As the world has adjusted to the ever-changing landscape of work during the pandemic, the once novel concept of remote work has now evolved into the hybrid work model. To learn more, I interviewed Paddy Srinivasan, CEO of GoTo, which provides GoToWebinar and other communication and collaboration tools, about the future of work and how companies can leverage this new paradigm to their advantage.
A Proven Model for Success
Remote work is no longer the uncharted territory it once was; it has grown into a proven model for successful business operations. As Paddy Srinivasan eloquently puts it, “This remote centric model is now a proven model, where companies have started expecting employees to work from anywhere using digital technologies to collaborate with each other.” Companies have adapted to the digital age, seamlessly transitioning to using platforms like GoTo’s communication and collaboration software to bridge the gap between employees and customers.
The traditional office model comes with a hefty price tag. The expenses of real estate for companies and the burden of commuting for employees can be overwhelming. Srinivasan points out that “getting to work is expensive, it’s expensive for the company, because of real estate and things like that it’s expensive for employees, sitting in traffic in different parts of the world.” Moreover, employees often have to rearrange their personal lives to accommodate the inflexibility of office-based work.
The Hybrid Work Model: A Competitive Advantage
The remote centric model has opened doors for companies to tap into diverse talent pools. Srinivasan shares his experience with GoTo, a billion-dollar company with a global presence: “We are a remote centric workforce of 3,500 employees. And what we have found is, we are now able to attract talent from different parts of the countries that we are operating in.” Talent dispersion allows companies like GoTo to attract, retain, and nurture talent from all corners of the world, giving them a competitive edge.
The hybrid work model is the lovechild of necessity and innovation, a silver lining that emerged from the pandemic. This new model offers companies a competitive advantage by reducing costs, increasing employee satisfaction, and enabling them to access a global talent pool. Srinivasan states, “I’m very optimistic that what started or what accelerated as part of the pandemic, because it was the essential need of that time, has now started morphing into a different type of model where companies like ours are using it as a competitive advantage.”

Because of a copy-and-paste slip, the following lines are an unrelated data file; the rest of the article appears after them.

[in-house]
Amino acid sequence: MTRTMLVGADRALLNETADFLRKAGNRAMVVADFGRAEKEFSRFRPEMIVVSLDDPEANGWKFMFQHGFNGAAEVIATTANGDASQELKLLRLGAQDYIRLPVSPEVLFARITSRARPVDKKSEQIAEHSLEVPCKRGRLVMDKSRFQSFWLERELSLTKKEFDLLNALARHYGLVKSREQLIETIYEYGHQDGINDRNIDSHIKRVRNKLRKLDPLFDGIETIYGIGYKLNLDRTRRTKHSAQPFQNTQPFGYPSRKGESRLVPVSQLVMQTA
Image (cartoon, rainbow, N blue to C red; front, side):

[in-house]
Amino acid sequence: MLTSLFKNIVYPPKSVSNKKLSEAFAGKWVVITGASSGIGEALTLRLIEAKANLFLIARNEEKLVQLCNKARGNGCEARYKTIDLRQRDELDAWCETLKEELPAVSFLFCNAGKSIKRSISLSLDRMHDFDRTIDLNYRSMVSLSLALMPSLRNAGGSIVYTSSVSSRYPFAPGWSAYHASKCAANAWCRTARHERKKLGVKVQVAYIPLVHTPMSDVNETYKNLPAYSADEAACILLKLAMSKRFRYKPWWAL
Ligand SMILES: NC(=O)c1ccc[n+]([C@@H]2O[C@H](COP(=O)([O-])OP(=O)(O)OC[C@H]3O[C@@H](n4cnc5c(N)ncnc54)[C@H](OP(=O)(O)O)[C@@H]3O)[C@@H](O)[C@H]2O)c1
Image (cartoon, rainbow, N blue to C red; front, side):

Technology for Hybrid Work
Srinivasan points out that essential capabilities for hybrid work include nailing internal collaboration and IT systems, as well as having technologies that facilitate communication and collaboration with customers outside the organization. He emphasized the importance of having specialized tools that cater to specific needs rather than settling for shallow, one-size-fits-all solutions.
When it comes to the process and behavioral aspects of remote work, it is crucial to level the playing field for all employees, whether they are working remotely or in-person. This involves introducing small changes, like ensuring everyone has the same meeting “real estate” and using virtual facilitators to include remote attendees in the conversation. These behavioral changes can prove challenging, especially for managers who have spent decades managing in-person teams. To address this, companies should invest in user experience and prioritize onboarding, security, and seamless collaboration.
Key technologies mentioned by Paddy include:
- Collaboration tools that facilitate communication and teamwork among employees.
- IT systems that ensure data security and manage digital assets such as software applications and devices.
- Customer collaboration tools that allow businesses to connect and engage with their customers effectively.
The Future of Collaboration: AI and Virtual Reality
Srinivassan also shared his thoughts on the future of collaboration, highlighting the role of artificial intelligence (AI) and virtual reality (VR) in transforming the way we work. He believes that AI will play a central role in improving productivity and automating tasks, while VR and augmented reality (AR) will revolutionize meeting experiences and collaboration.
Some potential applications of AI and VR in remote work include:
- AI-powered assistants that help employees manage their schedules, prioritize tasks, and automate repetitive processes.
- AI-enhanced customer service, using natural language processing to provide smarter and more efficient support.
- VR and AR-based meeting platforms that create immersive and interactive experiences, bridging the gap between remote and in-person collaboration.
Conclusion: Adapting to the Hybrid Work Future
Like a chameleon adapting to its surroundings, the business world has embraced the hybrid work model as a new standard. The great dispersion of the workforce has proven itself as a viable, successful model that benefits both companies and employees alike. Companies that want to thrive in this new landscape should seize the opportunity to make the most of this revolution, leveraging the power of remote work to boost their competitive advantage and create a brighter future for their employees and customers. The hybrid work model is here to stay, and those who adapt will reap the rewards.
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Image credit: Andrea Piacquadio/Pexels
Originally published in Disaster Avoidance Experts on April 5, 2023.